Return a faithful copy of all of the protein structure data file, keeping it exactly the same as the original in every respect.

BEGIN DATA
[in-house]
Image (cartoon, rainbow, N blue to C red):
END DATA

[in-house]
Image (cartoon, rainbow, N blue to C red):